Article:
The incision should be made just above the rib to avoid injury to the intercostals neurovascular bundle.

Gaining access to the thoracic cavity should take no longer than 1-2 minutes.

Use nontoothed forceps to lift the pericardium, and use small dressing scissors to open it in order to avoid ventricular laceration 16).

When the patients clinical status allows, urgent rather than emergent thoracotomy can be performed to minimize the dangers incumbent to this procedure in the emergency department 17).

Large amounts of blood products are typically required in the resuscitation of patients undergoing emergency thoracotomy.

Consider potential organ donor rescue after emergency thoracotomy arrest 18).

Emergency thoracotomy indications

The indications for emergency thoracotomy have been much debated.

To simplify the issue, the American College of Surgeons Committee on Trauma has instituted general guidelines on this subject 19).

The decision to perform an emergency thoracotomy is determined by the presence of signs of life and the mechanism and location of injury.

Increased thoracotomy survival rates are associated with signs of life in the emergency department, including the following:

  • Pupillary response
  • Spontaneous ventilation
  • Presence of carotid pulse
  • Measurable or palpable blood pressure
  • Extremity movement
  • Cardiac electrical activity

Thoracic injuries (as opposed to abdominal injuries) can be identified and treated during emergency thoracotomy.

Survival for blunt injury is significantly lower than for penetrating injury due to conditions such as cardiac contusion, cardiac rupture, and aortic rupture 20). Many consider an attempt to resuscitate a blunt trauma patient in cardiac arrest futile 21). However, some have a different view, reporting better outcomes from emergency thoracotomy in European countries where blunt trauma predominates 22).

Stab wounds (as opposed to gunshot wounds [GSWs]) are associated with a higher success rate. Gunshot wound injuries are usually unable to spontaneously seal because of the large nature of the missile injury pattern 23).

The following are also associated with increased survival:

  • Higher blood pressure
  • Higher respiratory rates
  • Higher Glasgow coma scale scores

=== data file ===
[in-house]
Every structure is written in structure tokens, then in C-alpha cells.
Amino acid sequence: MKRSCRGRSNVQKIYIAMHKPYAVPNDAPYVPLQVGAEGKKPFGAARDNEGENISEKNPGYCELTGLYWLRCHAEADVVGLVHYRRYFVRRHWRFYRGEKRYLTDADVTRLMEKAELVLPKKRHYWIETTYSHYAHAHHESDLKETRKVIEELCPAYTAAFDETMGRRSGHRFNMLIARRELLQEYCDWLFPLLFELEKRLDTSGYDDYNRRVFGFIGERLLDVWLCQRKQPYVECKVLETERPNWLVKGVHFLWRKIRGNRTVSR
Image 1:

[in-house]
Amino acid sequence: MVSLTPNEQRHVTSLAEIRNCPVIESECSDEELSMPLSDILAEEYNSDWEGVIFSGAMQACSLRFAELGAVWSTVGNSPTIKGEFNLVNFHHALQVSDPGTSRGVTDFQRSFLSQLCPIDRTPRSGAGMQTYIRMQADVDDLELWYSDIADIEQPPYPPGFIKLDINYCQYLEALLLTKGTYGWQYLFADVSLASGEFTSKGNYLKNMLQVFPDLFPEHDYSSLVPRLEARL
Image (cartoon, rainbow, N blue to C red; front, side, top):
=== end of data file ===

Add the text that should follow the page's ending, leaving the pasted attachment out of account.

Accepted indications for emergency thoracotomy

  • Penetrating thoracic injury with the following conditions:
    • Previously witnessed cardiac activity (prehospital or in-hospital)
    • Unresponsive hypotension 24)
  • Blunt thoracic injury with the following conditions:
    • Previously witnessed cardiac activity (prehospital or in-hospital)
    • Rapid exsanguination from the chest tube (>1,500 mL immediately returned)
    • Unresponsive hypotension (systolic blood pressure <70 mm Hg) despite vigorous resuscitation

American College of Surgeons Committee on Trauma indications for emergency thoracotomy are as follows 25):

  • Precordial wound in a patient with prehospital cardiac arrest
  • Trauma patient with cardiac arest after arrival to emergency department
  • Profound hypotension (<70 mm Hg) in a patient with a truncal wound who is either unconscious or an operating room is unavailable

Relative indications for emergency thoracotomy

  • Penetrating thoracic injury with traumatic arrest without previously witnessed cardiac activity
  • Penetrating nonthoracic injury (eg, abdominal, peripheral) with traumatic arrest with previously witnessed cardiac activity (prehospital or in-hospital)
  • Blunt thoracic injuries with traumatic arrest with previously witnessed cardiac activity (pre-hospital or in-hospital).

The decision to perform an emergency thoracotomy should be made on a case-by-case basis, owing to exceptions and reported survivors who exceeded the above thresholds 26).

Previous studies have suggested that in order to maximize neurologic outcomes, resuscitation should occur within 10 minutes for blunt trauma and 10-15 minutes for penetrating trauma 27).

The Eastern Association for the Surgery of Trauma sought to provide evidence-based recommendations for emergency thoracotomy based on common clinical scenarios based on a systematic data search. Their conclusions are summarized as follows 28):